The commercial, titled "Now and Then," had "high likeability" among all viewers, but resonated particularly well with those younger than 35, with 83% having a positive response, said GM's Bob Kraut, director-brand marketing. The target for both spots is people who are neutral about GM -- they have neither positive nor negative feelings about the automaker, he said.
Boosting buyer consideration
The first commercial, which broke during the Winter Olympics and aired through last week, also boosted buyer consideration for GM products. "We have to get people to like GM and be more open-minded," Mr. Kraut said. He added that he believes consumers liked the first commercial is because "it doesn't make any demands on people."
Both spots alternate historical footage with shots of various GM models. On-screen titles in the new spot pick up the now-and-again theme: "Then ... peace, Now ... love, Then ... speedways, Now ... runways, Then ... swing, Now ... bling."
The new commercial includes shots of Buick's current pitchman, Tiger Woods, and Carmen Electra and, from the past, Marilyn Monroe and the late actor-impressionist Frank Gorshin. The commercials are like a "60-second GM history lesson" for young people, "one part history and two parts show and tell," said David Moore, executive creative director at McCann Erickson, Birmingham, Mich., which created the spots.
The Interpublic Group of Cos. agency is working on an online execution that will allow people to click on the video while it's playing to learn more about a specific scene. Mr. Kraut said that video would be pushed to various non-GM Web sites as soon as it's finished. He's considering listing when the the new ad is scheduled to air after consumers asked for that during the first commercial's flight.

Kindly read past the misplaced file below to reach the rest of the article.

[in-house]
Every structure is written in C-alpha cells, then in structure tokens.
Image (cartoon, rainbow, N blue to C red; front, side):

GM's proprietary research closely mirrored the findings of consultant CNW Marketing Research, which found 83% of those who intended to purchase a new vehicle under age 35 and 70% of those over 50 reacted positively to the first spot. CNW said in February the figure is rarely above 40%, and the 30% range is typically where GM rates.
The auto giant is trying to recover from a disastrous 2005, which Chairman-CEO Rick Wagoner called "one of the most difficult years in GM's history, driven by poor performance in North America." GM said late yesterday it had restated its first-quarter results to show earnings of $445 million from an earlier reported loss of $323 million. The change reflects a shift in the way GM will account for a health-care settlement deal with the United Auto Workers union and other adjustments. GM said it came in the wake of discussions with the U.S. Securities and Exchange Commission.
GM's North American auto operations posted an adjusted loss of $5.6 billion last year and it cited, among other things, higher marketing and advertising costs, lower production volumes and a weaker sales mix. In North America, the world's biggest auto market, GM's unit sales slipped by 3.1% in 2005 compared to 2004 despite generous sales' incentives.
Early this year, the automaker shifted its U.S. strategy, saying that in 2006 it would significantly slash advertising on umbrella, multibrand incentive programs such as last summer's employee discounts, and instead push individual product launches and key models. GM also lowered prices on most of its models in a bid to move away from hefty incentives.
GM spent nearly $30 million in corporate advertising on broadcast and cable TV networks in January and February, according to TNS Media Intelligence. In calendar 2005 the marketer spent $192 million for corporate advertising on those two outlets.